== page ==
Biographies

Sister Mary James Rogers, MM

Born: July 9, 1888
Entered: July 6, 1918
Died: October 16, 1979

On Tuesday morning, October 16, Sister Mary James Rogers quietly and gently entered the new life which she had long awaited. She spoke frequently about “Mollie” and Abe and other members of her family, during these past days, and we rejoice with her that she is safe with them now in Jesus’s presence.

Just before her own death, Mother Mary Joseph said to those who were watching with her, “Tell Sister James everything will be all right!” We were confident that Mother would obtain for Sister every strength and grace she needed during the remainder of her pilgrimage; and so it has been during these 24 intervening years. There have been countless opportunities for Sister James to share Our Lord’s Cross, as well as His joys; but the grace has never been lacking.

Louise Regis Rogers was born in Jamaica Plain, Massachusetts, July 9, 1888, into a happy family of eight children and completely devoted parents. Louise was the youngest of the 3 girls, and third from the youngest child. The family members all loved music, and most had some talent for it. Louise was blessed with outstanding musical gifts, and with the accompanying artistic temperament, she was sensitive to beauty in all its manifestations and to its opposite, as well.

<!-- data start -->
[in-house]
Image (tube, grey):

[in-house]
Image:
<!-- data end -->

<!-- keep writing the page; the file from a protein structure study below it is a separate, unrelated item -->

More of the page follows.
After completing her High School, Louise concentrated on her music studies, and delighted in helping her mother with the house work. She loved to visit the homes of her older brothers and sister when they left the family nest. She spent much time each year with her sister, Elizabeth, and her family in Baltimore. Most of all she was interested in Mollie’s new life at Maryknoll. She prayed to discern the direction in which God’s finger was pointing for her. She wrote to “Mollie”, “Please pray for me that if I have a vocation I may be able to fulfill it.” Maryknoll was in its infancy then; but God’s call became quite clear to Louise. He was asking her to join that little band of pioneer women who were reaching out for religious life in the service of mission in the context of strong faith and great uncertain ties.

She came in 1918 and, as Sister Mary James, was with Mother Mary Joseph in the first group to make their vows in 1921.

Sister generously shared all her lovely talents, especially her musical skills with her new religious family in the years that followed. Her piano and organ students attest to her patience and understanding with those less gifted than herself. When a house of studies was opened in Washington, D.C., so that our Sisters could take advantage of courses offered at Catholic University to prepare them for the mission work ahead, Sister James enrolled in the School of Music, obtaining the degree of Bachelor in Music in 1931. During the following years, she continued her work at Catholic University on a part-time basis and was awarded her M.A. in Music, magna cum laude, in 1939. She was highly commended for her official recital and for her many original compositions including a Mass and more than 20 motets. Two of Sister’s compositions — “Ave Maria” and “Ave Verum” — will hear in the Liturgy today. When the College opened here at the Motherhouse, Sister James joined the Staff and taught Music Appreciation for many years.